This problem has fairly deep historical roots, especially for the black community. Looking at our list of American heroes, what sorts of people do we find? In general, our most-prized moral exemplars are prophetic figures whose main social contribution was to speak truth to power.
Martin Luther King Jr. never had much of a head for policy, but he was a genius at making a moral point. In a similar mold, we lavish admiration on Mahatma Ghandi, the suffragettes, and heartstring-pulling writers like Upton Sinclair, W.E.B. DuBois, and Harriet Beecher Stowe. Americans just love our awareness-raisers. We like them enough that we’re even sometimes willing to forgive certain lapses from Ghandi’s and King’s non-violent protest model.
In some cases, awareness-raisers really are heroic. (Jesus Christ is my personal favorite, although Elijah was also pretty great.) At other times, our obsession with awareness may actually blind us to the real solutions. Not every problem comes back to a widespread deficiency of human concern.
What if most Americans already agree that “black lives matter”? What if our policing and crime-control problems actually call for some prudent policy adjustments, and not a nationwide lifting of hearts and minds? High-minded but ineffective solutions can often be worse than useless insofar as they deter people from focusing on what really needs to be done. If a friend has a headache, you offer him an aspirin first, not a Bible.
Black Lives Matter is currently giving us a heartbreaking tutorial in the consequences of misapplied social activism. Just a few months ago we could argue about the reality of “the Ferguson effect,” but now we seem to be hurtling forward to a point where every black victim of a police shooting is potentially seen as the next Rodney King. It’s no longer necessary to wait for the verdict, or even for basic forensic analysis. Hearsay is enough to start the looting.
Needless to say, these developments are creating an extreme crime control challenge for city officials. No cop wants his city to be the next Ferguson. But how can police chiefs send cops into high-crime neighborhoods without giving them leave to defend themselves against potentially deadly attacks? The longer-term consequences of that kind of undisciplined “demonstration” will be more gang-controlled neighborhoods, and more black deaths.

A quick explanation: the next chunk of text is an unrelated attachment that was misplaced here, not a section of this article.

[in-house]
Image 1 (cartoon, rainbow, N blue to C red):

Meanwhile, if Black Lives Matter goes on demonstrating its disdain for relevant facts and procedures, more and more Americans will lose sympathy for the cause. Can a narrative kill you? In a way, maybe it can.
Leashing Our Unruly Narratives
I’m not trying to blame everything on liberals. Conservatives have narrative problems too. We have a bad habit of deflecting any criticisms of our justice system by playing the “Daniel Patrick Moynihan” card. Rather than discuss seriously whether our police, courts, or correctional policies would benefit from reforms, we’d prefer to talk about the collapse of the family and how this is mostly the fault of liberals and the welfare state.
This all makes perfect sense when you understand the twin policy arcs of the late twentieth century, along with their corresponding political narratives. Liberals responded to poverty and social decay with a spate of entitlement programs, while conservatives promoted aggressive law enforcement. Both approaches had some drawbacks (not necessarily equally serious), but naturally everybody prefers to discuss where the other guy fell short.
Moynihan’s argument that the welfare state would further destabilize the black family, thus locking millions in a crippling cycle of poverty and dysfunction, looks awfully prescient in hindsight. That’s somewhat beside the point, though, for addressing immediate crime-control problems. We’re not going to re-instill the traditional family model overnight. When conservatives talk about Moynihan in the wake of a controversial police shooting, liberals (understandably) read that as, “Nothing can actually be done here, but just so you know, this is all your fault.”
Moynihan’s analysis can be mostly true without being the most relevant truth for every circumstance. We could buy ourselves some credibility by taking an interest in shorter-term solutions for struggling neighborhoods. It’s easier to give lectures on family values when you’re already involved in the neighborhoods that need to hear them.
There are times when activism and high-minded moralizing really are effective catalysts for positive change. There are other times when the sermonizing just wastes time and energy that could be put into building things that work. Let’s fire the activists, and start hiring more good cops.